Efforts to directly confront China and Russia over their anti-democratic actions are unlikely to yield results and may further bolster their collaboration, according to analysts Andrea Kendall-Taylor and David Shullman. There are, however, tools that the West can deploy to counter this trend, they write for Foreign Affairs:
In addition to upholding positive models of democratic governance, the United States and its partners should double down on bolstering the democratic resiliency of countries most at risk, including through supporting the development of independent, in-country expertise on China and Russia and bolstering investigative journalism and civil society, which can shine a light on authoritarian influence and national leaders co-opted by it. The stronger a country’s regulatory environment, civil society, political parties, and independent media, the less effective authoritarian powers’ attacks on democratic institutions will be, and the less appeal the authoritarian narrative and model will have.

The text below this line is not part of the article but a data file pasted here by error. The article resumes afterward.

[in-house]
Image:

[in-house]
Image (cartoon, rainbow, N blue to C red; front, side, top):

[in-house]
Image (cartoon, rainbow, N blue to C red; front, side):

The authoritarian offensive is detailed in the influential “sharp power” report published by the National Endowment for Democracy.
“Working with U.S. allies and partners to empower domestic constituencies to stand up against foreign subversion of their own democracies will be the most effective weapon against Chinese and Russian influence,” they add. RTWT